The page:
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Sports

The basketball exodus

THE GAME OF MY LIFE - Bill Velasco - The Philippine Star

Today, the basketball gods of the Philippines are meeting to discuss the exodus of some of the strongest young players from the country to Japan’s B. League. The concern is twofold: that Samahang Basketbol ng Pilipinas’ future national teams will have a depleted pool to draw from; and that the PBA now has high-quality international competition for talent. Both are serious matters for a country that feasts on hoops like very few others in the world.

People ask why these young players would prefer to go overseas to earn a living and leave everything behind. Let’s examine another sport that has had a similar trajectory.

Philippine rugby players have been moving to Japan for over a decade. The rules of Japanese rugby allow for each squad to hire four foreign players, with one carrying an Asian passport. When they recruit a Fil-foreign player, they get an Asian who grew up in powerhouse countries like Australia, New Zealand, the UK and others. Plus, they generally would have played on the Philippine team, and thus are guaranteed to be quality athletes. In Japan, they can earn up to $20,000 to $25,000 a month, all expenses paid, and are treated like royalty. Who wouldn’t want to go? The downside is that their Japanese mother teams’ schedules make it difficult for the Filipino rugby players to return to the national team when they are needed. This is what is feared would also happen to Filipino basketball players.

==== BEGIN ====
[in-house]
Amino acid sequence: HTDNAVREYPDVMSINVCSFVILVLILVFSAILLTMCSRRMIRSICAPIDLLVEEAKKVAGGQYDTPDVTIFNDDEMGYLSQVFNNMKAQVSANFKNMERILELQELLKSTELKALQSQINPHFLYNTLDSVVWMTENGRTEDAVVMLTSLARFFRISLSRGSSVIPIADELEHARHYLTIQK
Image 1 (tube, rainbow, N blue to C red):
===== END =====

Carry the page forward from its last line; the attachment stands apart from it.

Now let’s look at the larger picture. The outward migration of Filipinos accelerated in the 1980’s, initially propelled by the US needing more nurses, and then by the Middle East needing more workers because of its construction boom. Prior to that, every world war resulted in industrialized countries needing more skilled workers. This means that succeeding generations of Filipinos (including athletes) are conscious of their option to leave the country for greater prosperity. It is not exclusive to certain professions. In addition, statistically, millennials are much less likely to buy a house or even a car. They are less tied down to a particular location than their parents were. They seek life on their own terms. That’s just the way they are.

It will be very difficult for the SBP and PBA to control this brain drain, simply because now, the players have a point of comparison. They can find a place where they feel they will be of greater value in their limited playing years. The economics just work out better for them. And Japan is just a few hours’ flight away. Besides, Filipino basketball coaches have been working all over the world for decades without restriction.

If either the SBP or PBA tries to penalize them for seeking greener pastures, the public will react negatively. It may even be construed as restraint of trade. The carrot always works better than the stick. The question is how both SBP and PBA can make staying more attractive than leaving. They need creative solutions. The well-known online financial content creator Nomad Capitalist’s tagline is “Go where you are treated best.” That is exactly what these brave young basketball players are doing. They just want a better future. Don’t we all?

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